Ways & Means Puts Home Health Copay On List Of 3 Medicare Cost-Sharing Ideas

Published by Inside Health Policy
John Wilkerson
May 22, 2013

Charging seniors a home health copay made the list of three Medicare reforms that House Ways and Means health subcommittee Republicans chose to discuss at a hearing on Tuesday (May 21), as the home health industry engages in an aggressive campaign against such copays with the help of former Louisiana Republican House Energy and Commerce Chair Billy Tauzin as their lobbyist. On the day of the hearing, the industry released a study by Avalere Health highlighting the potential impact of a copay on seniors who use home health services, which are some of the most vulnerable beneficiaries.

Subcommittee Chair Kevin Brady (R-TX) opened the hearing by listing three Medicare reform policies that both Republicans and the president have proposed: increasing income-related premiums for Medicare Parts B & D, increasing the annual Medicare Part B deductible and establishing a home health copay.

Brady said he chose those reforms for further discussion because they affect beneficiaries and were included in the president's proposed 2014 budget. But ranking subcommittee Democrat Jim McDermott (WA) complained that the proposals are not bipartisan because Republicans "cherry picked" them from the president's broader budget, which was intended to be a grand bargain.

However, those were not the only proposals affecting beneficiaries from the president's budget that Republicans also have proposed. The president's budget called for increasing the cost of Medigap policies by imposing a surcharge on Part B premiums for people who purchase Medigap policies with low cost-sharing. This surcharge would be equivalent to about 15 percent of the average Medigap premium, which is about 30 percent of the Part B premium. Restricting first-dollar coverage came up at an earlier hearing on the annual report from the Medicare Payment Advisory Commission.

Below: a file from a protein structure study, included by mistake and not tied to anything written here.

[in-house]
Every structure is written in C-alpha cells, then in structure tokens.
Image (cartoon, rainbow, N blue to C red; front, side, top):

The hearing on Tuesday was the first in a series and other bipartisan ideas, including the president's Medigap proposal and proposals from bipartisan think tanks, will also be discussed, a committee spokesperson said.

Home health is one of the few benefits for which there is no copay and it's a rapidly growing sector. Congress passed a home health copay, then quickly repealed it in 1972 because of concerns that it would discourage seniors from getting care at home and lead to more seniors being institutionalized, Medicare Rights Center President Joe Baker told the subcommittee. However, some policy makers, including MedPAC, believe the benefit is abused because seniors pay nothing for it and they believe a modest copay would make seniors think twice about using a service they might not need.

President Obama's budget would require new Medicare beneficiaries to pay $100 for five or more home visits, if beneficiaries are not first cared for in a hospital or other medical facility.

But the home health industry argues that $100 is a major financial burden for many beneficiaries. Avalere's analysis found that nearly 73 percent of home health users without supplemental insurance coverage to help cover the copay cost, and who are not dual eligibles, have incomes less than 200 percent of poverty. The copay would shift costs to Medicaid in some states, and more patients could end up in the hospital or other facilities that cost more than caring for people at home, the study concluded.

Avalere cited research showing that when Medicare Advantage plans raised

co-pays for outpatient services, they had 19.8 fewer annual outpatient visits per 100 enrollees, but 2.2 more beneficiaries in those plans were hospitalized, and the cost of the resulting 13.4 additional inpatient days were greater than savings from fewer outpatient services.

The Partnership for Quality Home Healthcare is proposing two fraud-fighting measures in place of copays. One would cap payment at a per-provider average of 2.7 therapy episodes per beneficiary for non-rural providers and at 3.3 episodes per beneficiary for rural providers. The Partnership last estimated this measure would save Medicare $13.8 billion over 10 years.

The second industry proposal would incorporate a minimum annual low utilization payment adjustment (LUPA) rate of 5 percent for all episode payments, which the group last estimated would save $1.4 billion. However, industry is now calling those measures "safeguards" instead of "caps" to avoid leading policymakers to believe that beneficiaries would be discharged once they receive the maximum number of episodes. Unlike a therapy cap, these are aggregate annual averages on a per-provider basis.

See the original article here.

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